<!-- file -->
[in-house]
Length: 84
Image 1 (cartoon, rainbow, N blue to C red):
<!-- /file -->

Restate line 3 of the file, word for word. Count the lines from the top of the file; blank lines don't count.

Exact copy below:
Image 1 (cartoon, rainbow, N blue to C red):